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New Classical Galleries Offer Insight Into Ancient Dining & Culture

By Amy Cavanaugh in Arts & Entertainment on Dec 15, 2012 9:00PM

Credit: Amy Cavanaugh
We were excited when we found out that the Art Institute was refurbishing its classical galleries and reopening them with a new show, Of Gods and Glamour, as well as a display of works from the late Roman and Early Byzantine Empire on loan from the British Museum. But we didn't imagine just how good these shows would be—plus, as food lovers, we were especially excited to see so much emphasis on dining in the ancient world.

The galleries move chronologically, opening with statues from 3000 B.C. and ending with Byzantine artwork that explores the growing role of Christianity. There's a lot to see here, and museum holdings and loans include jewelry, mosaics, busts, cups, and many other items that tell a story about how the ancients lived and grew as a culture during this period. A large part of that culture involved food. Here are some noteworthy culinary objects:

• At the end of the fifth century B.C., Athenian potters were making miniature pitchers and decorating them with pictures of children behaving like adults. The theory is that the pitchers were given to kids during a three-day spring wine festival. The children didn't drink wine, though, so it sounds like these pitchers were a proto-children's tea set.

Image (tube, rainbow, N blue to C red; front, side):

• More fun with drinking vessels: in the first century A.D. the Romans got into glassblowing and starting making molds so they could mass produce popular designs. Popular designs included shapes like this date flask. While molds were typically made from clay or plaster, this mold was probably made with an actual dried date. Dates were important during this period, since not only were they used to sweeten food and wine, but they were given as gifts at the New Year.

• The Field Museum loaned five cochlearia, which are small spoons with a rounded bowl on one end and a pick at the other end. The spoons were used to eat snails, eggs, and other types of shellfish, and were used during the first course of a meal, when seafood was typically served.

• The Romans celebrated their love of cake in mosaic form. The cute mosaics above were from second century A.D. Rome, and depicted a brazier (a container for fire), a rooster, and an almond cake. They were on display in someone's dining area.

• Someone should start making reproductions of the early Byzantine Lampsacus spoons, which were found in modern-day Turkey. The spoons feature sayings like "Eat, you who are lovesick" in Latin and "Those who detest pleasure" in Greek. Other spoons have boars, horses, lions, and tigers, which may or may not refer to the game that was served on the table.

Of Gods and Glamour is ongoing and the objects from the British Museum will be on display until next August, so you have some time to check this out. But the festive nature of the items on view make this the perfect show to go see during the holidays, as you seek inspiration for your New Year's Eve plans.